The message is in behavior, not words

The Washington Times columnists are taking note of what the response to the Gulf Oil Spill tells us about political ideologies. The expression is, to some at least, a concern and a warning.

Nugent: “This does not mean America should not look for other forms of energy to quench our thirst for power. However, we must not rush to embrace alternative forms of energy without first doing due diligence.

Decker: “The fate of the Deepwater Horizon rig was the consequence of actions taken in pursuit of BP’s corporate strategy to become known as the environmentally-friendly energy company. This agenda was drilled into public consciousness by a slick marketing campaign which rebranded BP to stand for “Beyond Petroleum.”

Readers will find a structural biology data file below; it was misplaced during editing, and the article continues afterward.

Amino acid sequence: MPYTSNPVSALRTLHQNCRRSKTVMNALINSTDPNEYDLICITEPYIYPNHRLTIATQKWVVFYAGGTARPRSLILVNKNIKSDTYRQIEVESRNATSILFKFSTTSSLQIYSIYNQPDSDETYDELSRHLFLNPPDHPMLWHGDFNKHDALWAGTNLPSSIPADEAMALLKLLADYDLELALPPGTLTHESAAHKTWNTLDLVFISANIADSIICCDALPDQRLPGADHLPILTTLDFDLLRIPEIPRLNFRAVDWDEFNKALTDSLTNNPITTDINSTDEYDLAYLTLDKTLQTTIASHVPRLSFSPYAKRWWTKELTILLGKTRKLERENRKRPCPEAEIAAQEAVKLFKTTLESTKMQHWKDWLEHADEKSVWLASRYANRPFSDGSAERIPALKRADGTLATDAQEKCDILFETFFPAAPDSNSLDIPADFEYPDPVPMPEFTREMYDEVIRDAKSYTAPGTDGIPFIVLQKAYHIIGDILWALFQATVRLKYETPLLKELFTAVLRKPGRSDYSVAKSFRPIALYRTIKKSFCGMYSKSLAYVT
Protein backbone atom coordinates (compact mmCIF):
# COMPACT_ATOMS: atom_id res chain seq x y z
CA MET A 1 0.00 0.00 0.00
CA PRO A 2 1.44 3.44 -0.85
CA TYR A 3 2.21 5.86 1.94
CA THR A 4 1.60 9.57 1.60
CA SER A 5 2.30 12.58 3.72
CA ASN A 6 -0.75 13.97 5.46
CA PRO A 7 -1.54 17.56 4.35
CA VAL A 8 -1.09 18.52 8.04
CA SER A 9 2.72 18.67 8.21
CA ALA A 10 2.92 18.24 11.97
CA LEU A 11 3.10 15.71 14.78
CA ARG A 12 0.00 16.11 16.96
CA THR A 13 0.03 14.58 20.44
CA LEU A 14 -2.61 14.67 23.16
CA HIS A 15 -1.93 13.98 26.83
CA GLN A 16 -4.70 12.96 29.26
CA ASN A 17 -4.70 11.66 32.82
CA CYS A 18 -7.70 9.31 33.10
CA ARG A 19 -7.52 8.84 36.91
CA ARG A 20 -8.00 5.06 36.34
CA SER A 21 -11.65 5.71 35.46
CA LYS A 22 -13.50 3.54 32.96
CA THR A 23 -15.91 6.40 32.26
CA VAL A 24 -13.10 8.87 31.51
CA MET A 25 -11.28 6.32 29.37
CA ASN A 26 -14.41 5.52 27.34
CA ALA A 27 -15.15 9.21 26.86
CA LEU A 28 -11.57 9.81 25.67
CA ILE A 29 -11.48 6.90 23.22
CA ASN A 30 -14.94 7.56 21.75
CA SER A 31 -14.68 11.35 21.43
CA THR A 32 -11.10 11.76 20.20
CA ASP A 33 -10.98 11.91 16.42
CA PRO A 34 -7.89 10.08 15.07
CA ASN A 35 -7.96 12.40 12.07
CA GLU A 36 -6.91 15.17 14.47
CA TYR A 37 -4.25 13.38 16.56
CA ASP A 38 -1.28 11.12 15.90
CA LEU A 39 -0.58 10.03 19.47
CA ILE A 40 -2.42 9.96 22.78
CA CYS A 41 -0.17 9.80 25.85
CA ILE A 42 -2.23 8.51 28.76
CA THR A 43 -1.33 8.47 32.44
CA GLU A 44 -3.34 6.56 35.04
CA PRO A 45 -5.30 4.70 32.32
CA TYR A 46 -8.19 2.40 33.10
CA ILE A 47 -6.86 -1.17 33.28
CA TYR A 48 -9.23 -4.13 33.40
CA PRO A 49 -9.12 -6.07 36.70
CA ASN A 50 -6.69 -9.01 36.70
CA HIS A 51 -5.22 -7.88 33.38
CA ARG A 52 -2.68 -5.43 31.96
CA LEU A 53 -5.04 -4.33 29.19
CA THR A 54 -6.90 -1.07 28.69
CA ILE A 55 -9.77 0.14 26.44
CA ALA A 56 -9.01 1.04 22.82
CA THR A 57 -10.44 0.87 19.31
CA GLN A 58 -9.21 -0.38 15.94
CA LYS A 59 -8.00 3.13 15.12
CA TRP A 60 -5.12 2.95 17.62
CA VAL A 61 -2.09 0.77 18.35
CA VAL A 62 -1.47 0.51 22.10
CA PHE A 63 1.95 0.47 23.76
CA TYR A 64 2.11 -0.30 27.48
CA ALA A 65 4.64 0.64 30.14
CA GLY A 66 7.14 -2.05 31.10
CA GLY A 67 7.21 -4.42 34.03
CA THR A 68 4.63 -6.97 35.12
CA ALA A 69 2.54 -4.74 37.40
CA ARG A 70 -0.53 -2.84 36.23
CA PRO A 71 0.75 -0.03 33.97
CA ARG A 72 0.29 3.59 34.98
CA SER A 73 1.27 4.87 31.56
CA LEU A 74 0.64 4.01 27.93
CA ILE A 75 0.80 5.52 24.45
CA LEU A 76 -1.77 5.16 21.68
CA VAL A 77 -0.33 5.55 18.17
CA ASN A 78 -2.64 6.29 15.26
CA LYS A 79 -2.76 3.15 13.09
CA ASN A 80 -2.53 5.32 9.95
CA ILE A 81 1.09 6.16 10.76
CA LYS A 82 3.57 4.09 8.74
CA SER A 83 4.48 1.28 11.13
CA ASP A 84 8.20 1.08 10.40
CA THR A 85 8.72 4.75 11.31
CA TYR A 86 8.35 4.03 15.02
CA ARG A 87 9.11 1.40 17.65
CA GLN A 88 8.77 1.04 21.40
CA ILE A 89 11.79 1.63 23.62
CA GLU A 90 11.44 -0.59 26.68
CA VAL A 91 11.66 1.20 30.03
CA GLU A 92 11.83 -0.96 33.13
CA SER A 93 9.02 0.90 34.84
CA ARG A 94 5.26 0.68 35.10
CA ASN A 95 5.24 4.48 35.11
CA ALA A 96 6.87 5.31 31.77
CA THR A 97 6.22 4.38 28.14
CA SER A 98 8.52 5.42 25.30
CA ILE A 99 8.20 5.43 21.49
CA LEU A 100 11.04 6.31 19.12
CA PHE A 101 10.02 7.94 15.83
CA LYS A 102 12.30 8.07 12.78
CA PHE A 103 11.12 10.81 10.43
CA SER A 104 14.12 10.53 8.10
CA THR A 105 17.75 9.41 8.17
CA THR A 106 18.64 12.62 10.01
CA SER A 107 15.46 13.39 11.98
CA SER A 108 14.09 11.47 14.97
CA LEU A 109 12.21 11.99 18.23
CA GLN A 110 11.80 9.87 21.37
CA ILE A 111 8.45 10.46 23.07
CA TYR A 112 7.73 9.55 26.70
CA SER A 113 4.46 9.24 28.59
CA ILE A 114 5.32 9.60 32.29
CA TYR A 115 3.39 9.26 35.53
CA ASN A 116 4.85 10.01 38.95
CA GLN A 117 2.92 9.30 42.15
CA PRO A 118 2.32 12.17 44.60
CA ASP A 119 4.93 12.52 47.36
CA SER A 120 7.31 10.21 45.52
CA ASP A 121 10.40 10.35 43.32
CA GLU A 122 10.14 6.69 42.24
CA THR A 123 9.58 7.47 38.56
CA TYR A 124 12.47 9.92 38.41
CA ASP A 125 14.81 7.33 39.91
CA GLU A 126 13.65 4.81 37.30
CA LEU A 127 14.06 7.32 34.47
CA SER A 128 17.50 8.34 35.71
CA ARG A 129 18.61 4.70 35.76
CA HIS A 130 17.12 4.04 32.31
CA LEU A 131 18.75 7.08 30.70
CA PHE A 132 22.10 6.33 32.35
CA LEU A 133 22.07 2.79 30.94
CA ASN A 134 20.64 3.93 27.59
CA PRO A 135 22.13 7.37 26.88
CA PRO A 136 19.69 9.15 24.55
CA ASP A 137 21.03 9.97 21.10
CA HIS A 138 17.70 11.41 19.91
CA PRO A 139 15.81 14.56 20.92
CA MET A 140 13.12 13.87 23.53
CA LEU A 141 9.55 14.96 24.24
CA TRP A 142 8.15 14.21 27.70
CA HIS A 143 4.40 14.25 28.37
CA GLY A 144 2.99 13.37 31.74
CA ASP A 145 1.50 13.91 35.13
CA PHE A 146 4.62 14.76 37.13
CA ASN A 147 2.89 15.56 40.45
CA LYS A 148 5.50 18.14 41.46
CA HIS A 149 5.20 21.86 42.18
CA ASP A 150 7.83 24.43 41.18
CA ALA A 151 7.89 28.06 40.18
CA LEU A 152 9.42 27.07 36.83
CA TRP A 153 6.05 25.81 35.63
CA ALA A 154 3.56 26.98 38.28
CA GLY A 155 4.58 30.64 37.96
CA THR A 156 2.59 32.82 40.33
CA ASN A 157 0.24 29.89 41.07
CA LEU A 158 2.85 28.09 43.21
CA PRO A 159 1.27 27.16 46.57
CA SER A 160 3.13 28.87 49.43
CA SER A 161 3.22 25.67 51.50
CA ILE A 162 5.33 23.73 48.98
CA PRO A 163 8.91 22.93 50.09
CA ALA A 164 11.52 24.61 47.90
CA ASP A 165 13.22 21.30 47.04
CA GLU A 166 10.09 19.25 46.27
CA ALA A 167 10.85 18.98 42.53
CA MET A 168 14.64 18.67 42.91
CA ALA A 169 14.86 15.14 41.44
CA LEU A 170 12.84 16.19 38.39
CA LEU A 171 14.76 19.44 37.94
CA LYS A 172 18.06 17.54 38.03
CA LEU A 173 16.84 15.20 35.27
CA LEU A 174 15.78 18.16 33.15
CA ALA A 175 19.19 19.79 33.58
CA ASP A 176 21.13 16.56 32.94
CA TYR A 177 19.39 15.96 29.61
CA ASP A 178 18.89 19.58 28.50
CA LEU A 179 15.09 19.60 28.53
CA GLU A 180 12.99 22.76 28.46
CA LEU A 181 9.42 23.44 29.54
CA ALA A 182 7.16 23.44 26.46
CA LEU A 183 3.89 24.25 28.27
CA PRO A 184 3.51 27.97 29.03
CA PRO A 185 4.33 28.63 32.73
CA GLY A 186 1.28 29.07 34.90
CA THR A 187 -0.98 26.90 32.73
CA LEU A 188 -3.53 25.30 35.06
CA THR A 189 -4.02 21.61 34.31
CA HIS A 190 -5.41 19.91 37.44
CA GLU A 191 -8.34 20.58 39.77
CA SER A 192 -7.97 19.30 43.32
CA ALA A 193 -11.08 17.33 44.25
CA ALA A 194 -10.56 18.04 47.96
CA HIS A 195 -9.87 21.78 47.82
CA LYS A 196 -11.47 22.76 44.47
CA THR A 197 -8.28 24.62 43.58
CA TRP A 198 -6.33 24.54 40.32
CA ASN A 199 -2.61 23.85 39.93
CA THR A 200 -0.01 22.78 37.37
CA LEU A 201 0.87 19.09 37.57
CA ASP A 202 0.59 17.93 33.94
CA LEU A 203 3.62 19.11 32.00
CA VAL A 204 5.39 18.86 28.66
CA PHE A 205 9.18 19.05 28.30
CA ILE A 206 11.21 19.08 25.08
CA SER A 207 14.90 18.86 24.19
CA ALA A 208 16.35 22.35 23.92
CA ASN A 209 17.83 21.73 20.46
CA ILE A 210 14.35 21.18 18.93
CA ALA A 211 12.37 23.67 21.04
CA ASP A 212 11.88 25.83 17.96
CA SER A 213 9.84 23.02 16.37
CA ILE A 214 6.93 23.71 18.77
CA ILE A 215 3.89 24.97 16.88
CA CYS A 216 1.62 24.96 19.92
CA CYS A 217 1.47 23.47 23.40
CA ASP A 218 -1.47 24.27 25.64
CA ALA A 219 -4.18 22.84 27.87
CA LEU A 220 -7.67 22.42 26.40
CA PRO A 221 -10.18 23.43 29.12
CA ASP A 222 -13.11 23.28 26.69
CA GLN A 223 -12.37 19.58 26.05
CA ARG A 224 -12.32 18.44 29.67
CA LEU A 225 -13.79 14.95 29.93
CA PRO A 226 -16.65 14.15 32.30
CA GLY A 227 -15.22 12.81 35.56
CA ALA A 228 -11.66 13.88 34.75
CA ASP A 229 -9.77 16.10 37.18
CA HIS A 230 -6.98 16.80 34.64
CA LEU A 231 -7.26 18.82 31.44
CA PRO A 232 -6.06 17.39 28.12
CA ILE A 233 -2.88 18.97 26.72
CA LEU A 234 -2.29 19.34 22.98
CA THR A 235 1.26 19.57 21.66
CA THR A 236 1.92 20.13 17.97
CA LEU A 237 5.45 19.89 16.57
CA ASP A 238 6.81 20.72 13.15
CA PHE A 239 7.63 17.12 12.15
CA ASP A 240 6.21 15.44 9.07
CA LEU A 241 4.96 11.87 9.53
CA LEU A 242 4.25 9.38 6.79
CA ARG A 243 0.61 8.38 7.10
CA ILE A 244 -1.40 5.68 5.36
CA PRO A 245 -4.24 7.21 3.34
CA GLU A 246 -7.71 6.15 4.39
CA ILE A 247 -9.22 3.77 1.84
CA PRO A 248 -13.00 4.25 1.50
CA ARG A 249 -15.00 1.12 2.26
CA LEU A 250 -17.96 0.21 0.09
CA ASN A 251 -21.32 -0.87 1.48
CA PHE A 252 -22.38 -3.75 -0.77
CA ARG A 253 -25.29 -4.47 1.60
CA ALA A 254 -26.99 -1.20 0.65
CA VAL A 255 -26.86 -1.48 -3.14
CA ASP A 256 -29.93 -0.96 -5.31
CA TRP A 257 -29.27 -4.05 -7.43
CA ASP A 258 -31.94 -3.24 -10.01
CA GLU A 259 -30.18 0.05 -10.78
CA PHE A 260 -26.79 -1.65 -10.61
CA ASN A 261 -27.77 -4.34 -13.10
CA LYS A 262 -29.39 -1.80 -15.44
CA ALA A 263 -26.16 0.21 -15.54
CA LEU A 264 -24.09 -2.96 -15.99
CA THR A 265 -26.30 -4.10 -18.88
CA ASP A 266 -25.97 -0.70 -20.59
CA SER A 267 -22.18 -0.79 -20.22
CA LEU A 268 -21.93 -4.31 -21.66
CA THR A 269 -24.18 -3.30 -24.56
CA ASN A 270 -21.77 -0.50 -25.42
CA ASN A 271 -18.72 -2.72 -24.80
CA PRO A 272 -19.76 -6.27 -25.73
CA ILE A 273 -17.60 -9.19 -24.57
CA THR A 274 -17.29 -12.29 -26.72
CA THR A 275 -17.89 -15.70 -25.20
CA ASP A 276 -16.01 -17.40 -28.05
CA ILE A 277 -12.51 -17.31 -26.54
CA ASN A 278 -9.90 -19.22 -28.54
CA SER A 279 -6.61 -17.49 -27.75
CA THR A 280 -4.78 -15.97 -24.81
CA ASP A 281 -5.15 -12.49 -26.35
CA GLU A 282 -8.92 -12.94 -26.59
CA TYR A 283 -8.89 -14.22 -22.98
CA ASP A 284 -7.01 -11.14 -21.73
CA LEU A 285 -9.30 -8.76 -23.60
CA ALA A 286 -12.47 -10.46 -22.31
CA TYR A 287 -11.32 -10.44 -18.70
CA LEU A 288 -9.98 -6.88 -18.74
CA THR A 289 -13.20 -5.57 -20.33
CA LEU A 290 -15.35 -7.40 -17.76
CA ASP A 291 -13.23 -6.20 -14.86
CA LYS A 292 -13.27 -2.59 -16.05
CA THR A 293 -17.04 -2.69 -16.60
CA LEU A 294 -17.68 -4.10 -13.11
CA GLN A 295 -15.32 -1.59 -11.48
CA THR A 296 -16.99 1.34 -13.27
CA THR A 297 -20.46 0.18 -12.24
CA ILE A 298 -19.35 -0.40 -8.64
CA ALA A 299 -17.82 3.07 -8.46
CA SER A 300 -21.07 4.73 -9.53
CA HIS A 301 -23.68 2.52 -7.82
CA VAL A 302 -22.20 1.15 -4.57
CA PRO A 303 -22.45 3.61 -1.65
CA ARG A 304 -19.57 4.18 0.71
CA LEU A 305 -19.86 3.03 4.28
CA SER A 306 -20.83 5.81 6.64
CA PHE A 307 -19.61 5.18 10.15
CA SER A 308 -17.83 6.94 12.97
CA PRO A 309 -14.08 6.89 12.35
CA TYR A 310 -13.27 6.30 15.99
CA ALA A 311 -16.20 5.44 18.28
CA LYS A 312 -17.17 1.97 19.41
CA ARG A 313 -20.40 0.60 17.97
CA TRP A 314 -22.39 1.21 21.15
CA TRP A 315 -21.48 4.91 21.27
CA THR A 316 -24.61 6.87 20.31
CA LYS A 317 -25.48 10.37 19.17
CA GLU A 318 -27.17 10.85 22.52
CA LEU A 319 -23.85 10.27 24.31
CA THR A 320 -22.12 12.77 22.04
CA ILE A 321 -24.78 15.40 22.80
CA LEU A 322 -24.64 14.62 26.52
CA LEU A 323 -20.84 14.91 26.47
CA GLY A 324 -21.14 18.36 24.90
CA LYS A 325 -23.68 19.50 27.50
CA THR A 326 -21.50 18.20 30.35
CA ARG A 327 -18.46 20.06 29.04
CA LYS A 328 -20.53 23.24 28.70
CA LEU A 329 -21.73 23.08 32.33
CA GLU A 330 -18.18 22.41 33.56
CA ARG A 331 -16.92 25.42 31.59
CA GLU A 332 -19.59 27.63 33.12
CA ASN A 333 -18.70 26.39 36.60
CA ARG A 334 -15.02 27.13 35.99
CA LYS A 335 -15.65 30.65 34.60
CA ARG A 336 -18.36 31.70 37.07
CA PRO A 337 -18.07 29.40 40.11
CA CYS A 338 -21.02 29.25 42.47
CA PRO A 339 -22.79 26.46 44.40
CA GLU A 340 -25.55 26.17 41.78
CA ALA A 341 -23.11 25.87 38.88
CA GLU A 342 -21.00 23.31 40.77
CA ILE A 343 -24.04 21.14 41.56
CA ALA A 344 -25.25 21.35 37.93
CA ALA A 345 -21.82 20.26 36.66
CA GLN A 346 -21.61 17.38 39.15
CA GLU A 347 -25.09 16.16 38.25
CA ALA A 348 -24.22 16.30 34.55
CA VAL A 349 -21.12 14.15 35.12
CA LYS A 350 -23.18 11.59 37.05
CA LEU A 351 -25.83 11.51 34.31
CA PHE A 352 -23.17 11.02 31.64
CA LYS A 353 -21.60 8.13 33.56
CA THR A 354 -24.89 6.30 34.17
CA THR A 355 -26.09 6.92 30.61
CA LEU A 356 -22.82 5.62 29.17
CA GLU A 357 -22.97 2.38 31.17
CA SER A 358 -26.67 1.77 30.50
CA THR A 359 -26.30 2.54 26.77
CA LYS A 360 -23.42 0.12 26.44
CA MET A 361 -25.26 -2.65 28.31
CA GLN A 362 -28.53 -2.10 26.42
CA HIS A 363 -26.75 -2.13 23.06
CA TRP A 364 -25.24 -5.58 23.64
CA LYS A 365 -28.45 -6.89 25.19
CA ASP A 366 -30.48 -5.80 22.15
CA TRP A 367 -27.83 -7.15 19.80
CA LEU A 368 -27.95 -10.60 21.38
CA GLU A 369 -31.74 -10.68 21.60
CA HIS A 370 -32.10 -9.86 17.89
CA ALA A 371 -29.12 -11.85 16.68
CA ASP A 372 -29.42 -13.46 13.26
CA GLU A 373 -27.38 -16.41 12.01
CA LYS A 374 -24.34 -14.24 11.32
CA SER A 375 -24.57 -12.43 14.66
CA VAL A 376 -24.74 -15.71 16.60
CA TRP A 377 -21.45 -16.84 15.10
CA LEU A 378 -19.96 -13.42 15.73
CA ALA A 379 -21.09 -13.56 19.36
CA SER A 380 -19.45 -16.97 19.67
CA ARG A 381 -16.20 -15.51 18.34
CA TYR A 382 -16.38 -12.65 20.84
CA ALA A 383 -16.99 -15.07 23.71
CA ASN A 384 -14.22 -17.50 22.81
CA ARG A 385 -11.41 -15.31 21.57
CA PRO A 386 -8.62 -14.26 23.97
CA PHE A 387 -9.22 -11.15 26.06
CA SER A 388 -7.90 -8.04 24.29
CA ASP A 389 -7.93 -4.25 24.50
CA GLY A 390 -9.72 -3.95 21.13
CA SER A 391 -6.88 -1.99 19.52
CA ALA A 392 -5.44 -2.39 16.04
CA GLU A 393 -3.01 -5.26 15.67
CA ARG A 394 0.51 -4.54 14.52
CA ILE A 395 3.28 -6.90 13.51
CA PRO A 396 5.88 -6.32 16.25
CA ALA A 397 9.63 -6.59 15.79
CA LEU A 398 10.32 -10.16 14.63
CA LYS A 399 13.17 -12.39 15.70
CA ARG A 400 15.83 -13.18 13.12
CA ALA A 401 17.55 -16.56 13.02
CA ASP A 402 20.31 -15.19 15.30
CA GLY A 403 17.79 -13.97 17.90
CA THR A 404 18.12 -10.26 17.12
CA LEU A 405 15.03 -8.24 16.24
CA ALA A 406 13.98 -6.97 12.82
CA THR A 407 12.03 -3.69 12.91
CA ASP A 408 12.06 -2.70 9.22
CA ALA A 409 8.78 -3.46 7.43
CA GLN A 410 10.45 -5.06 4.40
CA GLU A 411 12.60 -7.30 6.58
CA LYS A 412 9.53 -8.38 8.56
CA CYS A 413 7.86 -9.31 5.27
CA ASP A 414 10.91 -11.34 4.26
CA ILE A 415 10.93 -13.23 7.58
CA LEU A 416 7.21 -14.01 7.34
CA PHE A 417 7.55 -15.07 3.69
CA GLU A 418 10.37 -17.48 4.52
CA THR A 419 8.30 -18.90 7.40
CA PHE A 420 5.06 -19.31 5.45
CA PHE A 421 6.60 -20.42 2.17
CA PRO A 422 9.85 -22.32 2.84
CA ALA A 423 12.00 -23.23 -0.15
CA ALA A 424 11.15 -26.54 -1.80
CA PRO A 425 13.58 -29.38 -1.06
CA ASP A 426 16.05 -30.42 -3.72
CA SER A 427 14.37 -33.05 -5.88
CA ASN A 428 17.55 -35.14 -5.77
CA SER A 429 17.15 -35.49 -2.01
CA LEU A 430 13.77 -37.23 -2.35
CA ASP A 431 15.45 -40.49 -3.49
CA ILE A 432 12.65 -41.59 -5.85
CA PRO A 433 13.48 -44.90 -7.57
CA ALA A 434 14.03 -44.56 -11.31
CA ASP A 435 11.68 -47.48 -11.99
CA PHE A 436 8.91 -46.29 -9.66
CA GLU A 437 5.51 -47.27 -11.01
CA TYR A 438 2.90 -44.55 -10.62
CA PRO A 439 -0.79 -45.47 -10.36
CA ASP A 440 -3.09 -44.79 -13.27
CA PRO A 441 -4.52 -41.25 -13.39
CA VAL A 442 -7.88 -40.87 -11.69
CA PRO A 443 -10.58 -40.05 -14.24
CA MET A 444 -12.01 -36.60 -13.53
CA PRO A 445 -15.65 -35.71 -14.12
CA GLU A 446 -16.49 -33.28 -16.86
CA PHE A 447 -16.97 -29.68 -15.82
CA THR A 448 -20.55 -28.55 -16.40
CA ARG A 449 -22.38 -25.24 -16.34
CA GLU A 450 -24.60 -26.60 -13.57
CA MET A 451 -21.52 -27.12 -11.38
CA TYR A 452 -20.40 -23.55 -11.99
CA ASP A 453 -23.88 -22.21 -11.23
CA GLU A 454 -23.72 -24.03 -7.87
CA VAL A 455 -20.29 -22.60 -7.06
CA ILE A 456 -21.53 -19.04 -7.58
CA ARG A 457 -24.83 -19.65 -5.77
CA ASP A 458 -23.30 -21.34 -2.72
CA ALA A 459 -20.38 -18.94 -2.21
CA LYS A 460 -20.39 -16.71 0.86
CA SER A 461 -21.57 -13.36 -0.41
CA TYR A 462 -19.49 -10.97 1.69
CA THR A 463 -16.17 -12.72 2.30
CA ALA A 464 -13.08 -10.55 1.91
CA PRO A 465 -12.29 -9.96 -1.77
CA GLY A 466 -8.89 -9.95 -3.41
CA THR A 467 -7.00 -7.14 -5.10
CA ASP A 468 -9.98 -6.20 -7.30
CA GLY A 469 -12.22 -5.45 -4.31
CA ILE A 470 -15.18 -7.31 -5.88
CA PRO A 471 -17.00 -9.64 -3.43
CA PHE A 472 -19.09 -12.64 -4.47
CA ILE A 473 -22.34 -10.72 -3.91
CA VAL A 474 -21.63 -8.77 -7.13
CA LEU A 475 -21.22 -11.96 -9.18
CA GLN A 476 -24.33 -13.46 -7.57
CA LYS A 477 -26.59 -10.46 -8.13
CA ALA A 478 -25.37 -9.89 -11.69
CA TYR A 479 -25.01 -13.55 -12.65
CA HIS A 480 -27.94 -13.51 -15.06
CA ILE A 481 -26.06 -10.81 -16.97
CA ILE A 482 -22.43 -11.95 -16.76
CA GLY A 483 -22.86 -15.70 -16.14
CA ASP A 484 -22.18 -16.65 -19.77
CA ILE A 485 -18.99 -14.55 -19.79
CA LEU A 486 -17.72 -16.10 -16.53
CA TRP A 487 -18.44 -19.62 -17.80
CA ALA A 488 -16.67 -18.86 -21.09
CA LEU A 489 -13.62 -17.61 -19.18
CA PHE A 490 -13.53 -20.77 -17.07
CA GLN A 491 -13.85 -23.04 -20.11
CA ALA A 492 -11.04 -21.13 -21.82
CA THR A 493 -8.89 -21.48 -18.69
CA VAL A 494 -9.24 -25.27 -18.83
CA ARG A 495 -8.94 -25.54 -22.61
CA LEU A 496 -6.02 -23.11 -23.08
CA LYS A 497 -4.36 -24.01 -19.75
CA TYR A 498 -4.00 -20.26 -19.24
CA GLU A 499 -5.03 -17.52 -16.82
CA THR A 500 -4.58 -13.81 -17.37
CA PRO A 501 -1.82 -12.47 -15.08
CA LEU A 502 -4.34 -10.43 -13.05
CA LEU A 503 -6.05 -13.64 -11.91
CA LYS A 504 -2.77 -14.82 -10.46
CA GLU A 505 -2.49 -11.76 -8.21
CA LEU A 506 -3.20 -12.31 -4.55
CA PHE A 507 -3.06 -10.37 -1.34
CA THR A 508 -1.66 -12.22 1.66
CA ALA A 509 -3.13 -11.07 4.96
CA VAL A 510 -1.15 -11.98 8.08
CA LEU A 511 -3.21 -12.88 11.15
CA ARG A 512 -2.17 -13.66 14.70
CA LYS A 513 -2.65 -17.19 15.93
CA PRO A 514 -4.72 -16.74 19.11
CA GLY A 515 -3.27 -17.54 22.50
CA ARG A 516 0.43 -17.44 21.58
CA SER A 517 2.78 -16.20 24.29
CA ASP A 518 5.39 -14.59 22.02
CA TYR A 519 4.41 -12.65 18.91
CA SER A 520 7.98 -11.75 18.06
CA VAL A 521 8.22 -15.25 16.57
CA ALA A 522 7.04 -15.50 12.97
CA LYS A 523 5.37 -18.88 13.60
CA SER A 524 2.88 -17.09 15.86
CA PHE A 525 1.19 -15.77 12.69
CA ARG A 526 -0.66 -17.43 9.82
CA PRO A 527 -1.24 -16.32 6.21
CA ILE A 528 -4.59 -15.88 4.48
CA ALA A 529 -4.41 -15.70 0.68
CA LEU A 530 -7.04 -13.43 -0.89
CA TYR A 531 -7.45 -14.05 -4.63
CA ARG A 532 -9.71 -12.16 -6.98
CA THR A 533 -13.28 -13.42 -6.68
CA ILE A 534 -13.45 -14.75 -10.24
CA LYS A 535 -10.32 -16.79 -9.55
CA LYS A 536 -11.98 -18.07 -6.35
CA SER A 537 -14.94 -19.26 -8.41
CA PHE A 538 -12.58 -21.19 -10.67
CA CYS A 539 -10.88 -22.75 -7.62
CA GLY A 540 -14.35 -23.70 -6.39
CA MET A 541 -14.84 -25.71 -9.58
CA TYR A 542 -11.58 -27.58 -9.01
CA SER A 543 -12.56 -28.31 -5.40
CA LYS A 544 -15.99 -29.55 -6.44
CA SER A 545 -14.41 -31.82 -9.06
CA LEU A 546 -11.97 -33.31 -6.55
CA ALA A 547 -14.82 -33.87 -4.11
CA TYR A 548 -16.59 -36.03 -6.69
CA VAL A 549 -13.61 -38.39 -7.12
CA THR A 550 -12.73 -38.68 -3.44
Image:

Murdock: “11 other countries and the United Nations also had offered skimmer boats and other assets and experts to prevent the oil from destroying dolphins, crabs, oysters and this disaster’s other defenseless victims. … Alas, they were turned away.

It does not appear that the ecological damage is the primary concern, nor has it been. It has just been the rationale for its appeal. When push comes to shove though, it is the unions, the corporation bashing, energy fantasies, and other such things that seem to take priority.

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